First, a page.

Potter said his research shows that some abortion providers would have to significantly increase their capacity in order to take on the geographic overflow patients who would be unable to go to clinics that no longer have abortion providers with admitting privileges. In Nueces County, for example, a provider would have to increase capacity by 182 percent, while providers in Dallas would need to see a 51 percent increase in patients.

But state attorneys challenged Potter’s research, saying that until the law goes into effect, all he is providing is speculation.

“It is not possible to prove these kinds of claims until the law is allowed to come into effect,” said Solicitor General Mitchell.

The trial continues Tuesday, when the plaintiffs are expected to call two representatives from Whole Woman’s Health, a group of abortion providers with five locations in Texas, including an ambulatory surgical center in San Antonio.

Correction: A version of this article incorrectly quoted Texas Solicitor General Jonathan Mitchell as saying that the state has the right to impose “inconveniences on women seeking abortion in hopes that it may lead women considering abortion to consider childbirth instead,” when in fact he said “it may lead women considering abortion to opt for childbirth instead.” We regret the error.

News Law and Policy

Pastors Fight Illinois’ Ban on ‘Gay Conversion Therapy’

Imani Gandy

Illinois is one of a handful of states that ban so-called gay conversion therapy. Lawmakers in four states—California, Oregon, Vermont, and New Jersey—along with Washington, D.C. have passed such bans.

A group of pastors filed a lawsuit last week arguing an Illinois law that bans mental health providers from engaging in so-called gay conversion therapy unconstitutionally infringes on rights to free speech and freedom of religion.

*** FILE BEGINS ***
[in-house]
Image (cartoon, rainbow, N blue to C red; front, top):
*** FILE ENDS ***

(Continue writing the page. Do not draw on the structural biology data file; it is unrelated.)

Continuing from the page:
The Illinois legislature passed the Youth Mental Health Protection Act, which went into effect on January 1. The measure bans mental health providers from engaging in sexual orientation change efforts or so-called conversion therapy with a minor.

The pastors in their lawsuit argue the enactment of the law means they are “deprived of the right to further minister to those who seek their help.”

While the pastors do not qualify as mental health providers since they are neither licensed counselors nor social workers, the pastors allege that they may be liable for consumer fraud under Section 25 of the law, which states that “no person or entity” may advertise or otherwise offer “conversion therapy” services “in a manner that represents homosexuality as a mental disease, disorder, or illness.”

Appreciate our work?

Vote now! And help Rewire earn a bigger grant from CREDO:

VOTE NOW

The pastors’ lawsuit seeks an order from a federal court in Illinois exempting pastoral counseling from the law. The pastors believe that “the law should not apply to pastoral counseling which informs counselees that homosexuality conduct is a sin and disorder from God’s plan for humanity,” according to a press release issued by the pastors’ attorneys.